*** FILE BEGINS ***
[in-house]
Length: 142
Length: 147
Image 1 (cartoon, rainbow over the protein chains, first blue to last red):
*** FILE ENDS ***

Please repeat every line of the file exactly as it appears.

[in-house]
Length: 142
Length: 147
Image 1 (cartoon, rainbow over the protein chains, first blue to last red):